The other morning Max climbed in bed with me, and proceeded to read to me from his library book about bees. I lay there, willing this to be a dream that would be followed by about seventeen more hours of uninterrupted sleep. After a few moments I realized that Max seemed to have made a huge leap in reading ability overnight. I pried my eyes open and watched him seamlessly fit together words he’d never read before, forming them into sentences…paragraphs…meaning.
Max tends to learn like this, with blank looks and tiny mincing steps toward understanding, and then comes a great LEAP ahead. Breathtaking, every time. I’m used to Tre’s style of learning, which is methodical and orderly. When he was learning to read it was one phonics rule at a time, fitting them together like so many building blocks that slowly took the shape of something great.
However they get there, it’s still like magic. Particularly with something as complex as reading, I can’t imagine how they assimilate it all. I teach them the rules, but there are so many words that just plain don’t follow those rules. Why does “said” say “sed” and not “say-ed”? I dunno. How can “read” rhyme with “bed” in one sentence and “seed” in another? Well…just because.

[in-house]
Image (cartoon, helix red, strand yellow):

Now, I wrestled my way through The History of the English Language back in my college days, so I have some understanding of the tangle that English is. Um…SOME understanding. I mean, I passed the class…
Anyhow, that doesn’t help much to a six year old. Even if I could still diagram the evolution from Old English to Middle English to today, so what? It doesn’t help with that move – that leap – from simply decoding by the rules to reading.
Later that day I gave Max a simple chapter book and asked him to read the first chapter to me. He sailed through it, reading words that he doesn’t KNOW HOW TO. He plucked their meaning out of context, from the pictures, and from his own innate sense of what word just plain belonged next in the sentence. And he did it all without a second thought, without even the awareness of what he was doing.
When we first moved into this house, Raphael was a baby, just crawling. He used to crawl up onto the brick ledge in front of the fireplace, laboriously working his arms and legs together to haul himself up there. Once there he would painstakingly turn around and peer back down the four inch drop to the carpet below. It was impossible to navigate his way back down, and he would usually just sit there and holler until someone scooped him up.
Today, as a sturdy-legged three year old, he races through that room and up and down that ledge, banking that turn without a thought. What was once a huge obstacle has become just another thing that belongs to him.
So it is with Max and the written word. I like to claim to have taught him how to read, but the truth is that I taught him some rules. Suddenly he seems to have grown into the ability to read. Like magic, he’s leaped over that divide between decoding and reading, and now it belongs to him.